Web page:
Shelley Dinges, NDP’s new Christian Service Coordinator, has changed service requirements for the 2019-2020 school year to make volunteering a more flexible and productive experience for students.
As this transition begins, changes will affect seniors and underclassmen differently. When it comes to the Class of 2020, students will have the option “to do their final 30 hours in any approved area,” said Dinges. This eliminates the additional task of completing hours in each category of service—such as service to the school or service to a place of worship—and gives seniors more freedom to volunteer in areas they are passionate about.
While some seniors are enthusiastic about the change, others are more hesitant. “I am simultaneously for it and against it,” said senior Hunter Frye. While she understands how the new rule will make graduation requirements easier to complete, Frye is worried some students may miss out on the ability to volunteer in different atmospheres and gain new experiences. If students end up completing all or most of their service in one area, they “could be missing out on other opportunities” that may have the potential to enrich their experiences helping others.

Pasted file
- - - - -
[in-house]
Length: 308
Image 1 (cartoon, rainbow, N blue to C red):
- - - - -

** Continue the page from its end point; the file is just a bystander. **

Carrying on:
For underclassmen, the new policy allows overflow hours to roll over from year to year to fulfill graduation requirements. In theory, this means underclassmen could completely fulfill their service requirements long before graduation. On the other hand, this new policy for underclassmen also requires them to complete a minimum of ten Christian service hours each academic year.
Freshman Samantha Harrod thinks the new policy will help underclassmen be more involved in their service and able to serve more on their own terms. For many students, this could make service less of a burden and more of an opportunity. “I think it takes a little weight off of me and other people’s shoulders,” said Harrod in a recent interview.
By making Christian service policies more flexible, students like Harrod will be able to volunteer in areas they are passionate about in a more in-depth manner over the period of a year, with the hours rolling over to fulfill requirements. Samantha’s plans for this year include volunteering at “[her] church and places like St. Vincent de Paul and St. Mary’s Food Bank.”
While some may be concerned that this new policy could lead to underclassmen procrastination of their service leading up to senior year, Harrod said she is “going to try and get as many hours out of the way this year so come junior and senior year, [she] can focus more on other things.” The administration trusts that most underclassmen will use these policies to their advantage by planning ahead, as Samantha has done.
Christian service for the 2019-2020 school year is off to a promising start, and these new policies should give students the opportunity to make the most of their volunteering.